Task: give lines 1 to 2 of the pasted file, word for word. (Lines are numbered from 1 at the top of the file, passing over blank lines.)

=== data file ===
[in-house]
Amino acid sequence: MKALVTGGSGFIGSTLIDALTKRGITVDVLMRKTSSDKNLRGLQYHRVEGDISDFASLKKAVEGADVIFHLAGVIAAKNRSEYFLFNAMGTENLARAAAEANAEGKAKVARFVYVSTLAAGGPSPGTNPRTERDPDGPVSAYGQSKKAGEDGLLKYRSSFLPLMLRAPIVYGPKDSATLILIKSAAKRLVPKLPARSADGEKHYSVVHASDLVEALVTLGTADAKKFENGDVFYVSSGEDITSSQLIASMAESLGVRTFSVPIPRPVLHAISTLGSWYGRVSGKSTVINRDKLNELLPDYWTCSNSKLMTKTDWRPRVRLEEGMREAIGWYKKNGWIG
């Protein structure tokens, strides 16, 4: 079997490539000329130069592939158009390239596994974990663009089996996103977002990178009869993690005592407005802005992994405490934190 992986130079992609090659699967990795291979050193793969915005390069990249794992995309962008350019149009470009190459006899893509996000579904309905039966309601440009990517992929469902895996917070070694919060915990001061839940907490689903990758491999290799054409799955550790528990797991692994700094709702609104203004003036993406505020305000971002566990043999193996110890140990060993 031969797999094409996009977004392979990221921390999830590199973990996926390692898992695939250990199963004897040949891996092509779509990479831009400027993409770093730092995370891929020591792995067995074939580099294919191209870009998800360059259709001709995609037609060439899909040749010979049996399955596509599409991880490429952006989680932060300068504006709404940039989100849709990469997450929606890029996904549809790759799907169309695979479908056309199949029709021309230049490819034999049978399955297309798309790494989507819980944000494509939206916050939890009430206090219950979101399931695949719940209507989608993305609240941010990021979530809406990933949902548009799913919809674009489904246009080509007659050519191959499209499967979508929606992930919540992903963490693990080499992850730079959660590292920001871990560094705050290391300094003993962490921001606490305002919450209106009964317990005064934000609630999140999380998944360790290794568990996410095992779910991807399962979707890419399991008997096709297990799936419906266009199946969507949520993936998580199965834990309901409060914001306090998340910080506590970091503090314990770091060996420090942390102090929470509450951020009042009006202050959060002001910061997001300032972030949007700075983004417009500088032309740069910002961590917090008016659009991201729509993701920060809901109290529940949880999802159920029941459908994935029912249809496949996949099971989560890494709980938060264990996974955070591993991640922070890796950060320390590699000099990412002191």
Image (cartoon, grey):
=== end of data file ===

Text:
[in-house]
Amino acid sequence: MKALVTGGSGFIGSTLIDALTKRGITVDVLMRKTSSDKNLRGLQYHRVEGDISDFASLKKAVEGADVIFHLAGVIAAKNRSEYFLFNAMGTENLARAAAEANAEGKAKVARFVYVSTLAAGGPSPGTNPRTERDPDGPVSAYGQSKKAGEDGLLKYRSSFLPLMLRAPIVYGPKDSATLILIKSAAKRLVPKLPARSADGEKHYSVVHASDLVEALVTLGTADAKKFENGDVFYVSSGEDITSSQLIASMAESLGVRTFSVPIPRPVLHAISTLGSWYGRVSGKSTVINRDKLNELLPDYWTCSNSKLMTKTDWRPRVRLEEGMREAIGWYKKNGWIG